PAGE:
Security expert claims breakthrough on 'key meeting' where Trump became beholden to 'Kremlin agents'
Donald Trump giving a speech in 2016 (via Wikimedia Commons).

On Thursday, MSNBC host Rachel Maddow revealed that President Donald Trump appears to get his craziest conspiracy theories directly from the Kremlin, parroting Vladimir Putin's talking points on subjects like the relationship between the Soviet Union's invasion of Afghanistan and its collapse.


A former FBI counterintelligence agent has said that the FBI is likely to look into how Trump got his mistaken version of Russian history.

On Saturday afternoon, professor and Proof of Collusion author Seth Abramson posted a Twitter thread in which he analyzed how Trump gets intelligence and propaganda from Kremlin sources through the lens of a meeting Trump held at the Trump International Hotel in Washington D.C. on March 31, 2016,

At that meeting, Trump "personally ordered" the Republican National Committee to update its platform on Ukraine to match Russia's stance at that meeting.

"There was one mystery I was never able to resolve, and therefore isn't resolved in" his book, Abramson tweeted. "The mystery: who the hell put a bug in Trump's ear about Ukraine? The question was an important one because here was Trump... [then] having virtually no knowledge of foreign affairs, issuing an edict on Ukraine to his team for a convention he might never even make it to."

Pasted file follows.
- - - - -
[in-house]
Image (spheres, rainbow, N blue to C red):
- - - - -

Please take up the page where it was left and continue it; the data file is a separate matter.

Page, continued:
Abramson sees a clue to what happened in the photo of the meeting—namely, the absence of Trump's first National Security Advisory aide, Carter Page.

"Page—a once-suspected Russian spy—was so unqualified we can reasonably say his selection for Trump's committee was the best thing that had ever happened to him," Abramson writes. "Yet when you look at the pic atop this thread, you don't see Carter Page. That's right—Page *skipped out* on the first-ever meeting of a committee the elevation to which was the *literal highlight* of his entire professional career... Page not being able to make the meeting suggests the timing of the set-up of the meeting was very short indeed—which would match the very short timing for the scheduling of Trump's first foreign policy speech, which was *officially* an event Manafort was responsible for."

So, Abramson, concludes, Trump held this meeting and changed his stance on Russia within four days of hiring Putin-tied operative Paul Manafort as an adviser.

Read the first part of Abramson's thread below.